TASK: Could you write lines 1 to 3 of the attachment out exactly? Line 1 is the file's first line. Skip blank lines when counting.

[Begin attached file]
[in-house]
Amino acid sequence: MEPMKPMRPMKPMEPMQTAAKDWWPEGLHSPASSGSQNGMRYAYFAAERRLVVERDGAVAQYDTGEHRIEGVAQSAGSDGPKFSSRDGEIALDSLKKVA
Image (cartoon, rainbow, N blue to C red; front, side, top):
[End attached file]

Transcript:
[in-house]
Amino acid sequence: MEPMKPMRPMKPMEPMQTAAKDWWPEGLHSPASSGSQNGMRYAYFAAERRLVVERDGAVAQYDTGEHRIEGVAQSAGSDGPKFSSRDGEIALDSLKKVA
Image (cartoon, rainbow, N blue to C red; front, side, top):